Buried fluvial incisions as a record of Middle-Late Miocene eustasy fall on the Armorican Shelf (Bay of Biscay, France)

Type Article
Date 2010-01
Language English
Author(s) Paquet Fabien1, 5, Menier David1, Estournes Guilhem1, Bourillet Jean-FrancoisORCID2, Leroy Pascal3, Guillocheau Francois4
Affiliation(s) 1 : Univ Bretagne Sud, EA GeoArchitecture 2219, F-56017 Vannes, France.
2 : IFREMER, Ctr Brest, F-29280 Plouzane, France.
3 : IUEM, F-29280 Plouzane, France.
4 : Univ Rennes 1, CNRS, UMR Geosci Rennes 6118, F-35042 Rennes, France.
5 : Bur Rech Geol & Minieres, Geol Div, F-45060 Orleans 2, France.
Source Marine Geology (0025-3227) (Elsevier Science Bv), 2010-01 , Vol. 268 , N. 1-4 , P. 137-151
DOI 10.1016/j.margeo.2009.11.002
WOS© Times Cited 21
Keyword(s) Armorican Shelf, incised valleys, Miocene, eustasy, passive margin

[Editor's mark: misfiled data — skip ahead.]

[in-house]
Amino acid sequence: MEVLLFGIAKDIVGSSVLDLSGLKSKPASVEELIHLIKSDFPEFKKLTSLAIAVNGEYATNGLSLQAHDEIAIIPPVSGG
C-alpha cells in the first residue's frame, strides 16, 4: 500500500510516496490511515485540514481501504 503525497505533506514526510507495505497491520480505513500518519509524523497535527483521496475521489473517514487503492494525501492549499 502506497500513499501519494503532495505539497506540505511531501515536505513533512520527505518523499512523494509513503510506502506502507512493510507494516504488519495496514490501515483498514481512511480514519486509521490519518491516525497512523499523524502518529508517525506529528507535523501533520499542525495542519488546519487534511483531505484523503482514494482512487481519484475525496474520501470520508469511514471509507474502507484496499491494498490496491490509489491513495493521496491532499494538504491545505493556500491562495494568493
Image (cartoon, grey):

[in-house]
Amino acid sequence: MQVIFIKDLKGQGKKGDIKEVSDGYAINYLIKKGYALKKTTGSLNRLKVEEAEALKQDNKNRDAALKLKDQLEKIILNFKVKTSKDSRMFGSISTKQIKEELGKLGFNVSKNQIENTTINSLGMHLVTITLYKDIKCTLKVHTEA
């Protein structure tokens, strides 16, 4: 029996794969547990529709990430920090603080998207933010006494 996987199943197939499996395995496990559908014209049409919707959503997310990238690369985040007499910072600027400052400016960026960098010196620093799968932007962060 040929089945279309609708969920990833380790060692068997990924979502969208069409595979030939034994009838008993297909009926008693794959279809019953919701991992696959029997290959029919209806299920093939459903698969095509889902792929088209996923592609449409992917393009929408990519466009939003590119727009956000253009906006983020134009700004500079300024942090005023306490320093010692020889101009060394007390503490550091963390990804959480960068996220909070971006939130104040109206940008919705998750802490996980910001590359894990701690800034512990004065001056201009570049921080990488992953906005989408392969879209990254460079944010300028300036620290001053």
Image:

Abstract High-resolution seismic data have been acquired in June 2008 on the Armorican Shelf (AS), in the northern Bay of Biscay, in order to reassess its stratigraphic architecture in detail and to study the impact of eustasy, tectonic and sediment delivery on the margin sedimentary record. Several profiles show fluvial-type incisions of several tens of meters (up to 54 m) associated to a widespread erosion surface. Several hypotheses are proposed for the stratigraphic position of this surface and incisions. We suggest Middle to Late Miocene age. Considering the relatively quiescent tectonic activity of the margin, we infer that the relative sea-level fall responsible of aerial incision on the Miocene shelf is eustasy-related. We propose the attested Serravallian-Tortonian eustatic lowstand (c. 11.6 Ma) as the key event responsible of such erosion and incision. This event marks the early beginning of the high-amplitude sea-level fluctuations that culminated during the Pleistocene and significantly controlled the present day AS morphology. The variability of vertical incision observed along single reaches can be explained by the confluence of several tributaries, the sinuosity of the channel and can be amplified by the unconsolidated nature of the Miocene substratum. The main pathways of the fluvial network corresponding to these buried valleys have been reconstructed and connections to other existing networks are proposed. (C) 2009 Elsevier B.V. All rights reserved.
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